The upcoming months will be crucial for the New York Yankees as they shape the path for their 2024 season. The front office is currently under review, scrutinizing the possible reasons for some suboptimal decisions over recent years.
High-profile moves like the $50 million investment in Josh Donaldson and the acquisition of an injured Frankie Montas are merely glimpses into a broader picture. However, with star player Aaron Judge committed to aiding the front office, there’s hope on the horizon. What remains unequivocal is the dire need to revamp the offense.
Rethinking the Yankees’ Batting Strategy
According to Judge, the Yankees’ batting strategy has deviated from their home run strengths. What’s more, there’s a noticeable void in competent batters capable of hitting with runners in scoring positions or playing small ball. This talent gap is bound to see a shift if the Yankees effectively utilize their resources.
“I think we made it a little shift away from the home runs this year. We added some guys that maybe bring a little bit more contact for you, but I think it comes down to staying healthy. You first have to get the right guys to handle playing here, guys that want to play 162 a year. But we also have to find the right balance in the lineup. You’ve got your sluggers and your guys to do some damage, but you’ve got to find the right cast of supporting people around them that will play small-ball. Play baseball. That’s what it comes down to. Play the game the way you played it when you were a little kid. Understand that if you get a guy on, you get him over and you drive him in. That’s the basics right there and sometimes you can get away from it. I think we can improve. With some good evaluations, I’ll think we’ll be back to where we want to be.”
Among the current roster, only a select few batters seem indispensable. While Judge is undeniably central to the Yankees’ approach, Anthony Volpe shows promise for an impressive sophomore season. Furthermore, Gleyber Torres’s consistent performance underscores his value to the team. Volpe’s 21 homers, 60 RBIs, and 24 steals, despite his .207 batting average and .283 OBP, are indicative of potential growth. Meanwhile, 26-year-old Torres, over the span of 156 games, showcased commendable stats, especially with his 14.8% strikeout rate and 10% walk rate.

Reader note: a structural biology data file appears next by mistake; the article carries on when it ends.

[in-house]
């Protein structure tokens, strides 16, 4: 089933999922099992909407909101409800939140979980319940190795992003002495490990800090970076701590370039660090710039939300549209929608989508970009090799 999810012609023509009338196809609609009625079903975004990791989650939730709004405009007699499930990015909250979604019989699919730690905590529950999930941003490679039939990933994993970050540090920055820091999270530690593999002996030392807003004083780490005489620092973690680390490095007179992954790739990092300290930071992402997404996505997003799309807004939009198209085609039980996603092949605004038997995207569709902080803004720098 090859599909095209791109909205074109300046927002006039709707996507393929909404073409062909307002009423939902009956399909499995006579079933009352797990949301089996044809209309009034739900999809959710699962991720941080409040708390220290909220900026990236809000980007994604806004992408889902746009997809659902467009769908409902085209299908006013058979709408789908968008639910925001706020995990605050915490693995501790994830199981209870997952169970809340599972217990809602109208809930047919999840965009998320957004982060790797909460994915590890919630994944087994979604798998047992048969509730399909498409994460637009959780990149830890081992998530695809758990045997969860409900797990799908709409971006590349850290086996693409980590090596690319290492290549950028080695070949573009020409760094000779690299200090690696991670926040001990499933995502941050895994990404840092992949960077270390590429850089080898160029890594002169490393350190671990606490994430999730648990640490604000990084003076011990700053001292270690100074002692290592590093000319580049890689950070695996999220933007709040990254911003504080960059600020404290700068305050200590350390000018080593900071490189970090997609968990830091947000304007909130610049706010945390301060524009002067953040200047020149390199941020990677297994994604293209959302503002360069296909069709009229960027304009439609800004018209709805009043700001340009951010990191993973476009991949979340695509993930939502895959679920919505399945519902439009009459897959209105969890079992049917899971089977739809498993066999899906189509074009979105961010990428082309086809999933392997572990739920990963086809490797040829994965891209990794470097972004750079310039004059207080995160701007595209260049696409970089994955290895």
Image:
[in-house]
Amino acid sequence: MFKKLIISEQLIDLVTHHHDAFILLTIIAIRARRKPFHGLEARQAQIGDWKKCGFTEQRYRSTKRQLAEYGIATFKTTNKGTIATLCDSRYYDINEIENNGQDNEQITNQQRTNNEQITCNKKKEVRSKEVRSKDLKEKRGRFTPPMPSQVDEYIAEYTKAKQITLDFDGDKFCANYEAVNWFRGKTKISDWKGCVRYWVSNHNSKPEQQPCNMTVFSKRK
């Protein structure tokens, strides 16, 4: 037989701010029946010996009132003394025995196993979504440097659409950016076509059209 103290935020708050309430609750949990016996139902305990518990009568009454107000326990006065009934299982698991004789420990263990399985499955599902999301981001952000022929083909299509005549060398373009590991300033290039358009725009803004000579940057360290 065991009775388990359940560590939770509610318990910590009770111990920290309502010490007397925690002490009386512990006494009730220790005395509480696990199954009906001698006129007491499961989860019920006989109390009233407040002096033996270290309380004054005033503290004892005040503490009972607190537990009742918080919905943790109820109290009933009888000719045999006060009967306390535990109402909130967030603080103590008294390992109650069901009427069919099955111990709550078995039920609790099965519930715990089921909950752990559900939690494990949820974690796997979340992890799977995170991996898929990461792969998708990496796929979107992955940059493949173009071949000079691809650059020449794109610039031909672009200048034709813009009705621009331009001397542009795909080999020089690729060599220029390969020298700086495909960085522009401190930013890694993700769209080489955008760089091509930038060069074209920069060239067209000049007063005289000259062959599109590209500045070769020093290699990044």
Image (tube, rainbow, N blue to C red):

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Young Blood to the Rescue
The Yankees are set to tap into their younger talent pool for the next season. The likes of Jasson Dominguez, expected to return post his Tommy John surgery, have generated buzz. Austin Wells is emerging as a reliable offensive catcher, while players like Everson Pereira and Oswald Peraza might become regular starters soon.
With such shifts, fans might anticipate a revamped batting lineup come Opening Day. But this transformation shouldn’t deter the Yankees from seeking potent hitters in free agency, especially to rectify their challenges with runners in scoring positions.
Delving into Free Agency Stats
In the league this year, the Yankees reported some of the lowest metrics with runners in scoring position (RISP). Their performance in batting average and on-base rate notched just above the Oakland Athletics, placing them 29th in baseball rankings.
The forthcoming off-season brings a slew of potential free agents, including the likes of Cody Bellinger, Joc Pederson, and Jeimer Candelario. Pederson, with his lefty batting prowess, might especially be on the Yankees’ radar. Despite playing just 204 outfield innings this year, Pederson’s 2022 stats, including a .353 OBP and 23 homers, highlight his potential contribution, albeit with some defensive challenges.
However, a financial hurdle remains. The Yankees are currently allotting $22 million in luxury tax to Giancarlo Stanton, restricting their ability to secure an optimal designated hitter. Stanton’s own acknowledgment of his subpar performance this season further complicates matters.
Exploring Other Avenues
While free agency offers opportunities, the Yankees could also delve into the trade market. They might consider offloading some Rule-5 eligible prospects, particularly those who might face future obstructions from other players.
The ideal strategy for the Yankees would involve adding another powerful hitter, enhancing their athleticism, and fostering contact-hitting skills. Banking solely on home runs, as they’ve done previously, has proven to be a flawed strategy, often resulting in premature playoff exits.